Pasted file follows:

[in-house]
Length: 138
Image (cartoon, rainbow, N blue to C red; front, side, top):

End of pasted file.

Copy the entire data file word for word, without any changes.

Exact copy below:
[in-house]
Length: 138
Image (cartoon, rainbow, N blue to C red; front, side, top):